as long as you ONLY powder coat in there, I don't see a problem with it. A blast cabinet never used for blasting doesn't know it's not being used for it's intended purpose. After all.... it's just a box I suppose. Does gasoline care if it's only going in my plymouth and not somebody else's chevy? nope... it just is what it is, right? Square box to do with what you will... blast, powder coat, cook grilled cheese in... it's all the same. Just don't mix one with the other is all. If yer gonna blast in it.... then ONLY blast. If you're going to coat in it... then only coat. If you mix the two, then almost always blast dust will be in your coating, and powder from coating will be embedded into your blasted part. Otherwise.... it's all good.

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  • 11111111
    replied
    Thanks for the info russ, I thought I was going to run into a problem with to much air movement. I found some cheap explosion proof light covers at lowes on the discounted shelf so I'm set thier. I see that rubber gaskets are what they use to build these explosion proof lights. and silicone around the holes where the wires come through. I know thier is a code and saftey is everything but I could have built my own explosion proof covers that would have been higher quality than these. jUST SOMETHING TO KEEP IN MY FOR THE DO IT YOURSELFERS OUT THIER. iT JUST NEEDS TO BE AIR TIGHT.

    Just a side note if i was going to coat a bunch of parts the same color prettyy regularly could i just use a blast cabinet and install my pc gun inside and fill it with powder just like if I was going to blast media? Seems like it would be very efficient for a high volume color and no loss of product. and no mess!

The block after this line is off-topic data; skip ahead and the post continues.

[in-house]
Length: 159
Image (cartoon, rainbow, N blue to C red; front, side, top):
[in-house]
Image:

Okay I'm ready for all the reasons I've never seen this set up.
    Jeff

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  • non-stick
    replied
    you guys need to be moving more of a volume of air through the filters. Computer fans and the like aren't gonna cut it in my humble opinion. As stated before, you have a perfectly good option in this product : http://www.caswellplating.com/aids/cyclone/bldc1500.htm (which can do double duty for your sandblaster as well. Remember the theory of no "one trick pony" in the shop) or if you just wanted a filter for powder only, a shop vac would be best. You can pick up a viable one at any reatil outlet and get the "fine" filter for under 75 bucks. Remember.... these are your lungs we're talking about here,folks. I for one wouldn't trust them to a computer fan or anything of the sort. (side note... a furnace filter won't be helping you any as the smaller particles will flow right through it, car filters are too restrictive unless the surface area is a LOT bigger. Like 20 flat car filters bigger). Like I said before.... the booth and what not, I have no problems with any variation out there. The exhaust on the booth? Wayyyy different story. I'd seriously re-consider agains make-shift fans and so forth and just go out and get the equipment that's "meant" to handle the problem first hand. Otherwise you'll learn soon enough that you'll be out buying it anyways. Not only will your parts turn out better in the long run... but all that time saved cleaning up powder from everywhere and going in a direction that may not work in the first place will be avoided. (more time to get your buddy to help you sandblast,lol). Just my humble opinion on the whole matter,guys. Take it for what it's worth, I suppose...... Russ